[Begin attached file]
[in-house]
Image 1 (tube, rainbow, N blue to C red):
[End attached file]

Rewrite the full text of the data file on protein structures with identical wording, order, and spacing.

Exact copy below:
[in-house]
Image 1 (tube, rainbow, N blue to C red):